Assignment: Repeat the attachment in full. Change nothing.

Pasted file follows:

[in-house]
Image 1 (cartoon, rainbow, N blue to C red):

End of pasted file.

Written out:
[in-house]
Image 1 (cartoon, rainbow, N blue to C red):